So it doesn’t go to waste


Fixing a broken vase

Sometimes there are mishaps in the workshop.  Sometimes things don’t go right and mistakes and breakages happen.  Usually it is because I’m rushing or getting ahead of myself in the excitement of making.  Or perhaps I don’t know a stone well enough or don’t respect it enough.

Of course it sometimes happens because of a desire to push the material as far as I dare, push my skills.  There are triumphs and disasters.  Always a lesson learned.

It has been my way, when things haven’t gone right, to discard the broken and start again.  This is something to do with the integrity of a piece, the truth and completeness of a sculpture or carving and I think this comes from the thought of repair as a ‘cover-up’, a concealing (putting the sections back so well that no-one will notice).  To me this is a cheat.

Of course this comes down to how a repair is viewed.  With a slight (huge) shift of thinking I’m trying to embrace Kintsukuroi (‘golden mend’).

Kintsugi is a Japanese method of repairing broken ceramics with a special lacquer mixed with gold, silver or platinum.  The philosophy behind the technique is to recognise the history of the object  and to visibly incorporate the repair into the new piece instead of disguising it.

I think I do understand that if there is an object you have used and loved, that has been part of your life pattern, then the loss of it through breakage is heart-breaking, and a mended object is better than being without it, and indeed the mend tells the story of it being with you.

I’m not sure that it works so well with the making of an object – what do you think?

Repaired marble vase

In this case, my vase in Eskett Light marble, I repaired partly because I didn’t want to waste this rather rare stone, and I wanted to test my feelings about putting it back together Kintsugi style.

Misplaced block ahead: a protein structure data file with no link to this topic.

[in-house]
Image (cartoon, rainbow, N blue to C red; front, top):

In the light of this aesthetic principle, I’m looking with eyes seeing the beauty in the flawed and imperfect, feeling regret that something should be wasted, and also trying to accept the change (from my idea of the perfect, meticulously crafted and finished little vase).

I’m trying.  Really trying.

But somehow I do just see this shimmering golden vein in the marble as a reminder of my mistake.  Because I know how the break happened.  I need more time with this idea of ‘golden joinery’.


PS:  Mostly my vase making went well – The British marble vase collection





  1. Comment by Ellen Abbott:

    I like it. the golden line doesn’t bother me at all. I wouldn’t have known it was a repaired break if you had told us. but I get where you are coming from. I have refused to sell pieces that I think were failures even though someone wanted to buy it. we artists are our worst critics. we see the mistakes or the poor choices made, they leap out at us while no one else is even aware of them.

    • Reply by Jennifer:

      I think you’re probably right Ellen. Though I do like my critic self, it means I can hold my head up. Funny really it seems to go mute around housework!

  2. Comment by Keith:

    I think it works really well. This is a rare material, valuable because of it is exceptionally uncommon and you’ve put in a lot of work to make something beautiful…only for it to break near the end of the process. Repairing it and being honest and transparently obvious about that, is just where craft meets art.
    I love it.
    Good work!

    • Reply by Jennifer:

      So pleased you like it – I’ve loved reading about the history and philosophy around the Japanese idea of repair and how they first created this aesthetically pleasing way of doing it. There is a story of a warrior who deliberately broke and repaired tea bowls in order to make a profit from the practice of repair, which had become a way of ornamenting ceramics for tea!

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